Remember that all the calculation is for one transaction only.

## About Kelly criterion formula

Kelly criterion formula is a mathematical formula created by Dr. John Larry Kelly in 1956, who earned his PhD in physics from the University of Texas at Austin, which is to address the optimal amount of bet a gambler should wager considering the risk involved in the betting. The common sense is that you should bet less when the risk is high and vice versus. When the risk is high enough you should not bet anything at all. So there is an optimal amount that yields the best outcome. The Kelly formula is useful also for traders of any sort in determining how much they should invest in order to have their return or profit maximized.

**Factors considered in the Kelly formula and what the formula can tell a trader**

The factors the so-called Kelly criterion formula considers include:

1) The winning odds p. This is the probability of winning a bet ( for stock trading, the bet is the expected or targeted price. Say the starting price is $1.00 and the investor expects the price to increase by 20%, that is, $1.20 at the probability of p.), the winning odds p can be anything between 0 and 1. The higher the odds, the more likely the trader is going to win.

2) The losing odds q. This is the probability of losing a bet (for stock trading, the losing odds means the probability of losing the bet at a specific losing price. Let us say the starting price is $1.00 and the trader would accept the loss when the price drops 10% to $0.90. The losing odds is the probability that the trader has to sell the stock at the expected losing position). The losing odds q can be calculated by subtracting 1 by the winning odds p, which is 1-p. It is between 0 and 1. The higher q is, the more likely the trader is going to lose..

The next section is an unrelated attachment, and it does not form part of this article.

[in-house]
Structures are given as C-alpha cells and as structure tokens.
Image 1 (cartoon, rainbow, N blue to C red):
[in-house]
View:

3) The fraction of the bet expected to gain at the probability p - the winning fraction W. Say, if the price is expected to increase to $1.30 from $1.00 at the winning probability, then the winning fraction W is 0.30 or 30%.

4) Likewise, the fraction of the bet expected to lose at the probability q -the losing fraction L. Say, if the price is expected to drop to 0.80 or 20% from $1.00 at the losing odds, then the losing fraction L is 0.20 or 20%.

The formula can be used to predict the optimal fraction of your total cash available to you (F) and the possible return (R).

## Mathematical expression of Kelly criterion formula

Optimal fraction F= p/L - q/W

For example, if p=0.60 (60% probability to get the target price), q=1-p=0.40 (40% chance to lose the bet at the acceptable losing price), L=0.20 (the trader accepts to lose 20% drop if he has to), W=0.30 (the expected price increase-40%, that is, if the starting price is $1.00, he expects the price to rise to $1.40, a 40% increase.

Then the optimal fraction F=0.60/0.20 - 0.40/0.30 = 1.66667.

This means that the trader can best the return by using 166.6667% of cash available to him.